In a creative slump? Take a walk.
Want to get creative? Get up and go for a walk.
People generate more creative ideas when they walk than when they sit, according to a new study published in the Journal of Experimental Psychology: Learning, Memory and Cognition.
“Everyone always says going on a walk gives you new ideas, but nobody had ever proved it before,” said Marily Oppezzo, a psychology professor at Santa Clara University and the lead author of the study.
To test for creativity, Oppezzo asked volunteers (mostly college students) to come up with alternative uses for a common item like a tire or a tweezer. Creative suggestions for a button, for example, might include tiny strainer, dollhouse doorknob or the eye for a doll.
Oppezzo defined a creative response as one that was both appropriate (a button could not be used as a light bulb, for example) and original, meaning no one else in the study had said it.
In the first experiment, volunteers were given four minutes to complete the creativity test -- first while sitting at a desk in a small room, and then while walking on a treadmill. Of the 48 participants in the study, 81% improved their creative output when walking.
The researchers noted that walkers were more talkative than sitters, but they said the increase in creative ideas generated when walking is not due simply to an increase of ideas in general.
“Walkers did talk more, but we took everything they said and divided the total creative ideas by the total ideas mentioned,” said Oppezzo. “Walkers had more thoughts, but they also had a higher density of creative thoughts than sitters.”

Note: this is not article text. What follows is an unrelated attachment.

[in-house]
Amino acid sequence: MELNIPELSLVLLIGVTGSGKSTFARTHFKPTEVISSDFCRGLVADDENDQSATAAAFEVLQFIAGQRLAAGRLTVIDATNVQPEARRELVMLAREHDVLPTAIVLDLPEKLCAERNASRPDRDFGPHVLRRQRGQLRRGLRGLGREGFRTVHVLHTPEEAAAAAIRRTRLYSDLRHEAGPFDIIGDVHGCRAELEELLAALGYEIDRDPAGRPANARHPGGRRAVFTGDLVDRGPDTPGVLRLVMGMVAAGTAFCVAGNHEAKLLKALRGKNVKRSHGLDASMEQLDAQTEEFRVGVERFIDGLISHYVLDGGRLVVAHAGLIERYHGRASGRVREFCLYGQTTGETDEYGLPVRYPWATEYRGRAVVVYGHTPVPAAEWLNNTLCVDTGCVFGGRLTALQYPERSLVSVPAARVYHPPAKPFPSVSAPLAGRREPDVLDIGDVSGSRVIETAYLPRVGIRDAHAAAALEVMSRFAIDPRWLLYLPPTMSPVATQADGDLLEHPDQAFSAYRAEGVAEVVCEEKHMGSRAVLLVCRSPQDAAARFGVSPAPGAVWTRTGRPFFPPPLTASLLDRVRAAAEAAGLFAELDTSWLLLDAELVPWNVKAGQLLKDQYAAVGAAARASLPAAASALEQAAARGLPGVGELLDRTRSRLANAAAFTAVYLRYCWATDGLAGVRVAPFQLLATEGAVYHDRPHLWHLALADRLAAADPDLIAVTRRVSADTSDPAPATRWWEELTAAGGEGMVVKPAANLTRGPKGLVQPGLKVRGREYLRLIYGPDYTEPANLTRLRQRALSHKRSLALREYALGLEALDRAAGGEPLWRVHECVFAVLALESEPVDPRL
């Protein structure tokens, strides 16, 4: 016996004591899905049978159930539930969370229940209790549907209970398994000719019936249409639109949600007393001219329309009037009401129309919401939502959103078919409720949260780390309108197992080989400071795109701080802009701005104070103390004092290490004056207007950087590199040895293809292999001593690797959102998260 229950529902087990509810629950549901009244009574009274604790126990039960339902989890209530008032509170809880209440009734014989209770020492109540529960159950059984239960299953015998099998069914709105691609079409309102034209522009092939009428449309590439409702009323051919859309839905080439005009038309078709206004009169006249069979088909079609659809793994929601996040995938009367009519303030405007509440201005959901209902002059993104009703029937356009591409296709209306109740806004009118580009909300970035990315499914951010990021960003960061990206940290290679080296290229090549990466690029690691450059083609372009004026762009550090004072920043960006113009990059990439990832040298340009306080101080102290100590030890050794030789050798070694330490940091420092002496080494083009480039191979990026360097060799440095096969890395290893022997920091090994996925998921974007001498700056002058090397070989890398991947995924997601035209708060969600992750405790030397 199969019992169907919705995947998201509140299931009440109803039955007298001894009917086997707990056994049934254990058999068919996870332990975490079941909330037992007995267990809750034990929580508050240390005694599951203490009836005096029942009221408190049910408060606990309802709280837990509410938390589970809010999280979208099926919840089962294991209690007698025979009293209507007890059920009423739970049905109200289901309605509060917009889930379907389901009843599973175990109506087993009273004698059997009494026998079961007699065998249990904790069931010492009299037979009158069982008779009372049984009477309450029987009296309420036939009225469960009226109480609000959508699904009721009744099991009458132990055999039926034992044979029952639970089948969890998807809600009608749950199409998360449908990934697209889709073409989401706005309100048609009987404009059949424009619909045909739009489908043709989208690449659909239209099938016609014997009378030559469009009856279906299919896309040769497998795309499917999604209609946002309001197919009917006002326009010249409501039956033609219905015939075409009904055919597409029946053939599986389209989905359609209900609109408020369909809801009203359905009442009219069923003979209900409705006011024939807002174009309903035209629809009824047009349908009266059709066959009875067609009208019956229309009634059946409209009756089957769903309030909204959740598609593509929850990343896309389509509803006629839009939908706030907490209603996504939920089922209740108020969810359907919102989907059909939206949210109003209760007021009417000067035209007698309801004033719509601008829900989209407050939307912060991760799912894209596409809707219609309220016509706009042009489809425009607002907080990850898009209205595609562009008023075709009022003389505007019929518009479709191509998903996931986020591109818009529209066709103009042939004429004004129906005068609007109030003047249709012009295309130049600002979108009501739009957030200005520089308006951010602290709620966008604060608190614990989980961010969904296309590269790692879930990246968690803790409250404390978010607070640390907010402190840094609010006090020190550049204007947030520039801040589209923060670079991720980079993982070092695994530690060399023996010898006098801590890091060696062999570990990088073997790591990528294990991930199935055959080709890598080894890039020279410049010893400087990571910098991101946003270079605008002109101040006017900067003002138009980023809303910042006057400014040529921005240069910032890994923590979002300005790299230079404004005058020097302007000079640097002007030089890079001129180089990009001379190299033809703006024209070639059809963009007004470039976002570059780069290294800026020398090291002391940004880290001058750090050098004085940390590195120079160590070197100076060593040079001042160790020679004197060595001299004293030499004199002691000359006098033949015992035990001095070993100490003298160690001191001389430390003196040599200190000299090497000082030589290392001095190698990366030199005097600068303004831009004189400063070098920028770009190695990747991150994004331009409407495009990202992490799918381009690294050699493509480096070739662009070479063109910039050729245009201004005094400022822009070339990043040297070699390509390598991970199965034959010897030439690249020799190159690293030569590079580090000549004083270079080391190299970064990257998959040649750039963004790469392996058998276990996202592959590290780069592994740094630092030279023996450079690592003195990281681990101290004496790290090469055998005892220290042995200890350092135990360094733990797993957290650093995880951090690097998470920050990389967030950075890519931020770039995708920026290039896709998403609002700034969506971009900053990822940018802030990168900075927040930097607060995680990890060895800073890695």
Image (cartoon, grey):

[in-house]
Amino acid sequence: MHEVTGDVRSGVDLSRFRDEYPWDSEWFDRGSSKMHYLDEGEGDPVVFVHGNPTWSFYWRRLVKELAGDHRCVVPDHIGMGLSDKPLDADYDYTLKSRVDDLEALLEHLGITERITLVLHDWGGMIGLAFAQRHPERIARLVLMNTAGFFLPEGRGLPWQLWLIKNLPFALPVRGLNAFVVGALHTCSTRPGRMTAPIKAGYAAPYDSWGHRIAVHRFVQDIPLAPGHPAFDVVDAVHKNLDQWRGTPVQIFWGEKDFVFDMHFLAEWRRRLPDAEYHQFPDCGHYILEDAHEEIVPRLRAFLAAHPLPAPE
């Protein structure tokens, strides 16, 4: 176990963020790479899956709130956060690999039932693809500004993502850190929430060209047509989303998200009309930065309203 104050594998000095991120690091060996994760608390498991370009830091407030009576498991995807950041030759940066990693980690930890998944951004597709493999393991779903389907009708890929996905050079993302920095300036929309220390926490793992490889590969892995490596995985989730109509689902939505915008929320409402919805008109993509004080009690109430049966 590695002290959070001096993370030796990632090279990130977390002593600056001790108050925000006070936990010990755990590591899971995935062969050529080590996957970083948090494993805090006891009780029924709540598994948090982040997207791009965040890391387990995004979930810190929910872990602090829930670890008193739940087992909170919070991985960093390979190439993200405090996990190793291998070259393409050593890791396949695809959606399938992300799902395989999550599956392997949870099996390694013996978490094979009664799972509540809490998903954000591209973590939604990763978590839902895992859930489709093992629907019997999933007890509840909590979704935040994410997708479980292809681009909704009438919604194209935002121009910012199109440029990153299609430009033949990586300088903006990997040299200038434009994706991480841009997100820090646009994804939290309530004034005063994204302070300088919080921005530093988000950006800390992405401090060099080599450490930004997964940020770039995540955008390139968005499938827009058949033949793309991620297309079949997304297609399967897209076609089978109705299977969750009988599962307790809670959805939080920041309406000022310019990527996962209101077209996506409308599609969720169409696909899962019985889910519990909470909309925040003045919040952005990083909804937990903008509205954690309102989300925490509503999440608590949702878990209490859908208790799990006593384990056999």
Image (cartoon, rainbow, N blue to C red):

To see if walking improves brainpower overall, Oppezzo and her team also asked participants to complete a task that measures convergent thinking. The volunteers were given three words and asked to come up with one word that would combine with all of them to make a common phrase. For example, the words “Swiss,” “cake” and “cottage” can all be combined with the word “cheese.”
On this test, walkers performed slightly worse than sitters, leading the researchers to conclude that it is specifically creative thought that is enhanced by walking.
In subsequent experiments, the researchers found that the effect of walking on creativity can linger for a period of time. People who took the creativity test while walking, and then while sitting, showed a continued creative boost during the sitting portion of the test.
To make sure this wasn’t due to volunteers getting used to the test, the researchers asked some participants to take the test twice while sitting. In that experiment, performance did not improve the second time.
In other experiments the researchers found that walking outside does not seem to be any better for creativity than walking inside, although it did seem to make the participants even more talkative.
Oppezzo said her next step is to try to understand exactly why this link between walking and creativity exists. “That is what we don’t know,” she said. She and her coauthor, Daniel Schwartz of Stanford University, hope to look into a few different possibilities including whether walking effects how we filter our thoughts.
In the meantime, her research suggests a brisk walk before a brainstorming meeting would certainly be beneficial.
“Our study shows everybody’s creativity improved when they were walking compared to themselves when they were sitting,” she said. “It’s so cool that you can just go out, take a walk, and make your creativity better.”
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